Setting the Grind

Setting the grind and making adjustments is one of the most important elements of our barista training. It is essential that our baristas not only understand how to carry out this task, but that you are confident in helping them to become confident in this area.

It’s best to start with an espresso recipe to make this process smoother. A standard double espresso recipe is: 18g-20g of ground coffee to make 36g-40g of espresso.

Setting the grind and making adjustments:

1. Weigh the dose (add or take away coffee if necessary to get your desired dry dose), pull your espresso and weigh to the desired amount. Watch it pour, the time it, taste it.

2. If it tastes bad, adjust your grind. Only make small adjustments and remember to purge your grinder after making an adjustment.

3. When it tastes good, set the grinder to give the desired dose and make sure the machine is giving you the right espresso yield to match the dose.

4. When the time comes to set the grind again, start from step 1. 

Once finished the espresso should look rich and dark in colour, the crema should stretch as you gently roll the espresso around the cup. The aroma should be sweet and inviting. The taste should be syruppy and sweet with some pleasant acidity and a little bitterness to give the flavour some balance. The aftertaste should linger and be pleasant.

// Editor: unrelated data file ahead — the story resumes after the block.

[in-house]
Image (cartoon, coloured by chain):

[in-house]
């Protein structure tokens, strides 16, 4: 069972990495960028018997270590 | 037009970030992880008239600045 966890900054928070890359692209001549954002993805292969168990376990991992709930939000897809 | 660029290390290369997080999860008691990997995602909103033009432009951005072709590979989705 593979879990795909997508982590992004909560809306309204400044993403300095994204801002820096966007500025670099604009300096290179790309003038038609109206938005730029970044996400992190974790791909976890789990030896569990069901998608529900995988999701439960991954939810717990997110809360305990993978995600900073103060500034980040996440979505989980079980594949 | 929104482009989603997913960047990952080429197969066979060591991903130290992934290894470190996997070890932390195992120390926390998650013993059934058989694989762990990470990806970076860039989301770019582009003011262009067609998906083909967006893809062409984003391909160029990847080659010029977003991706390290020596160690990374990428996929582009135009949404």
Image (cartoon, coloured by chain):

★ If the espresso is overly bitter and lacking in acidity, with a powdery dry texture and horrible aftertaste we would describe it as over extracted.

★ If the espresso is overly sour and lacking in body, with a sharp aroma and lacking in aftertaste we would describe it as under extracted. 


- Once you have ground your whole coffee beans and they have become a finely ground coffee powder, never put them back in the hopper (the plastic chamber on top of the grinder where the whole beans sit).

- Only make small adjustments to your grind size using the adjustment collar.

- Don’t pay too much attention to the numbers on this collar and instead focus on the notches (the raised grooves that run along the circumference of the adjustment collar). Try moving a few notches to the left (coarser) or right (finer) and then do a taste test.

- Once your grind is set and ready to make espresso, don’t let too many people touch this adjustment collar. It might help if only two people adjusted this to avoid confusion and keep your espresso consistent.

- Once you have found the correct setting, the majority of coffees will typically be within 2-4 notches at the same weight.